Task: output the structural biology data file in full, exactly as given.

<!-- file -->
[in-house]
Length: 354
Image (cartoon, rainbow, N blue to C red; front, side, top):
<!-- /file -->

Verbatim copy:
[in-house]
Length: 354
Image (cartoon, rainbow, N blue to C red; front, side, top):